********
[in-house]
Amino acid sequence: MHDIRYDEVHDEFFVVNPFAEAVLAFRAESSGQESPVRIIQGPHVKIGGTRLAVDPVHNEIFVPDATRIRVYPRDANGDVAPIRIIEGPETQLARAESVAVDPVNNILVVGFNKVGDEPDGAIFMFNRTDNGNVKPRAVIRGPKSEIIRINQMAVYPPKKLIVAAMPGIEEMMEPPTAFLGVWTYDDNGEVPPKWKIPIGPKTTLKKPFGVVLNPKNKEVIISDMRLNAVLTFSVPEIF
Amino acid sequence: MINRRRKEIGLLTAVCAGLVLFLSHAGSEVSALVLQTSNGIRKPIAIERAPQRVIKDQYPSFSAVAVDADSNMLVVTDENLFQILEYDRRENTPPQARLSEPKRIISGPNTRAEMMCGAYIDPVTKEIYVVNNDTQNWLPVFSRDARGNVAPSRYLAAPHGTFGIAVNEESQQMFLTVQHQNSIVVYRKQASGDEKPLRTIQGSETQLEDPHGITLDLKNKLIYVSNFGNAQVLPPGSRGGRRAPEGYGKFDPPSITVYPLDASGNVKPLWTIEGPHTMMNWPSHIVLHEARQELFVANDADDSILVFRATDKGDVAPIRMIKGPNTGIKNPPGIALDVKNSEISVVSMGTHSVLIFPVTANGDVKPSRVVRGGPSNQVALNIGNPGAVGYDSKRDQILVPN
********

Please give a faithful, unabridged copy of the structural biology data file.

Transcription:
[in-house]
Amino acid sequence: MHDIRYDEVHDEFFVVNPFAEAVLAFRAESSGQESPVRIIQGPHVKIGGTRLAVDPVHNEIFVPDATRIRVYPRDANGDVAPIRIIEGPETQLARAESVAVDPVNNILVVGFNKVGDEPDGAIFMFNRTDNGNVKPRAVIRGPKSEIIRINQMAVYPPKKLIVAAMPGIEEMMEPPTAFLGVWTYDDNGEVPPKWKIPIGPKTTLKKPFGVVLNPKNKEVIISDMRLNAVLTFSVPEIF
Amino acid sequence: MINRRRKEIGLLTAVCAGLVLFLSHAGSEVSALVLQTSNGIRKPIAIERAPQRVIKDQYPSFSAVAVDADSNMLVVTDENLFQILEYDRRENTPPQARLSEPKRIISGPNTRAEMMCGAYIDPVTKEIYVVNNDTQNWLPVFSRDARGNVAPSRYLAAPHGTFGIAVNEESQQMFLTVQHQNSIVVYRKQASGDEKPLRTIQGSETQLEDPHGITLDLKNKLIYVSNFGNAQVLPPGSRGGRRAPEGYGKFDPPSITVYPLDASGNVKPLWTIEGPHTMMNWPSHIVLHEARQELFVANDADDSILVFRATDKGDVAPIRMIKGPNTGIKNPPGIALDVKNSEISVVSMGTHSVLIFPVTANGDVKPSRVVRGGPSNQVALNIGNPGAVGYDSKRDQILVPN